I had the fewest issues with this set, as it was the last model I decaled. The wing chevron tore at the front edge of the wing while being moved into position. The damage was easily repaired by either reconnection or with a spot of paint. See the attached photo reflecting the repaired chevron.

Lessons Learned

I understand that these lessons may be common sense for those readers that build a lot of airplane kits. I tend to build more armor, which require few to no decals, or I tend to build older aircraft kits that come with those ‘indestructible’ decals. Yellow-Wings recommend the Micro Scale decal solutions and I concur. The decals drew down into the surface detail with just Micro Set. I used Micro Sol to get the P-40 tail stripes to wrap around the training edge. I did not try any other solutions.

  • Either gloss paint, or a suitable clear gloss overcoat is essential. I used two coats of brush applied Future floor polish on the P-40. This proved to be inadequate. The gloss paint from spray cans used on the three naval aircraft kits caused no issues. Only when I hand painted the tail surfaces did I encounter problems.
  • Use warm water to wet the decals. I used cool water for the P-40 and the decals were difficult to release from the backing paper and the command stripes tore as a result. Even though I used warm water, I still had one of the wing walk decals for the SB2U tear during removal from the backing paper. The long thin nature of the wing walks along with the right angle (see pictures) requires extra care.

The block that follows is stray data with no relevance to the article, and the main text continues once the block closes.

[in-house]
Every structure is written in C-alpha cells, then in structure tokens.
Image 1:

• I used water to prepare the surface for some of the decals on the P-40. The decals tended to permanently adhere too quickly. I changed to Micro Set part way through the P-40 decaling and used it for the three naval aircraft and had no further issues. Surface tension of the water on the gloss surfaces caused the water to either run off or contract. The Micro Set did not exhibit this problem.
  • I would like to thank members of my club, IPMS Middle Tennessee for some for the solutions listed above.


I used the paint samples at the end of the following references to ensure accuracy of my paints selections.

  • The Official Monogram US Navy and Marine Corps Aircraft Color Guide Volume I, 1911-1939
  • The Official Monogram US Army Air Service and Air Corps Aircraft Color Guide Volume I, 1908-1941

I also used Color Schemes and Markings, U.S. Navy Aircraft, 1911-1950, by Bill C. Kilgrain. This book has a complete listing of aircraft types by squadron, by year. I used it to verify squadron assignments.


Despite the problems I encountered during application, which were mostly my fault, I highly recommend these decals. I own a large selection of 1/48 Yellow-Wings decals. If you want to build multiple models of the same aircraft or just something different than what is in the kits, then choices are few. Yellow-Wings decals for the inter-war period for three major scales, 1/72, 1/48, and 1/32.

I would like to thank Yellow-Wings Decals for this review kit.